Vietnam's war on COVID-19
Is there a military solution to COVID-19? Under Directive 16, issued on July 16, southern Vietnam may soon find out. Ho Chi Minh City, or Saigon, as everyone still calls it, is cordoned off and under curfew from 6 P.M. to 6 A.M. There are checkpoints in every neighborhood. Military vehicles poured into the downtown area on August 19 to enforce a "hard lockdown." Rifle-carrying soldiers were deployed on August 23.
Vietnam's response to last year's wave of infections was touted as a success in the international press. Pop stars Min and Erik created a happy tune to promote hand-washing called "Jealous Coronavirus." Their video was featured on John Oliver's show.
"Vietnam's Coronavirus Recovery Is as Good as It Gets," the Wall Street Journal reported on April 24, 2020. The country had no COVID deaths at a time when other countries had suffered hundreds.
This was quite an achievement for a country whose health care system is ranked No. 160 by the World Health Organization. I was once examined at a Vietnamese hospital. At the end of the examination, I looked at the equipment. A lot of it was broken. It had been a Potemkin examination.
Things have gotten grimmer since then. As of August 30, Vietnam has had nearly 11,000 COVID deaths, or 111 per million population. On Statista's COVID death chart, Vietnam ranks No. 108 out of 155 countries. Some 17 percent of Vietnamese have had at least one vaccine shot; only 2 percent have had two shots.
When the delta variant hit, I was working as a teacher in Binh Duong Province, just outside Ho Chi Minh. Binh Duong has a population of 2.5 million. It is second only to Ho Chi Minh in terms of COVID death and infection rates.
Two days before the directive was issued, I noticed people stocking up on food and medicine, so I did the same. Then came the checkpoints. I got an antigen test for COVID for $24. I had to pull this out at three separate checkpoints to get to my local supermarket.
Foreigners may complain that the lockdown is a scam to protect profiteering by the testing and vaccine companies, but few Vietnamese share such cynicism. The government's response to the virus remains popular.
The motorbike is the king of Vietnamese transportation. Vietnam had a mask mandate even before Directive 16, but enforcement was lax. Those who did wear a mask often pulled it down below their chins. This changed dramatically after the directive was issued. Not only did the other drivers start wearing masks, but they would also yell at me if I drove around without one. After all, who wants to see a motorbike with COVID?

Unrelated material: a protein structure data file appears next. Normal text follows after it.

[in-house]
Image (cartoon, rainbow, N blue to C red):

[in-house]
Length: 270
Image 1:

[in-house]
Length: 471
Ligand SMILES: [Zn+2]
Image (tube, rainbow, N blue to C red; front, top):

In recent days, the lockdown has intensified. Most stores are closed, and "shelter in place" orders have been issued. Saigon residents have turned to motorcycle delivery. But the delivery services do not venture into areas with high infection rates. Residents in these areas must rely on the army for handouts of rice, vegetables, and COVID testing kits.
As the airport is inside the city limits, I needed police authorization and a COVID test result to catch my flight back to Seattle. The night before, the taxi company I had made my reservation with realized that it could not get through the cordon around Saigon and canceled. So I took my motorbike and left my luggage in Vietnam.
Police and other government workers are supposed to worship only Uncle Ho (Ho Chi Minh). But Buddhism and Catholicism flourish nonetheless. The officer who approved my authorization follows Master Ruma, a Vietnamese Buddhist monk based in Durham, Georgia.
Every foreigner has a story about Saigon's scary traffic. Motorbikes can come at you from directions you didn't think possible. But these days, Saigon is a ghost town. With few able to continue working, some 4.7 million out of a population of 8.8 million are receiving emergency assistance.
While the public maintains its focus on COVID, Vietnam has other health problems, too. As recently as 2017, there was a cholera outbreak in Ben Tre Province spread by contaminated iced tea made with bottled water. Few people noticed.
The course an epidemic takes is easier to predict than you might think. There is a rule of thumb that has stood the test of time called Farr's Law. It was derived by British scientist William Farr in 1830 based on his observations of smallpox.
According to Farr, epidemics arise for no apparent reason, increase at a geometric rate, and then decline at the same rate. On July 16, Vietnam had 24 COVID deaths. The epidemic has yet to peak, with 659 deaths on August 29.
Peter Kauffner lives in Sequim, Washington, United States.
Image: COVID testing in Vietnam. YouTube screen grab.
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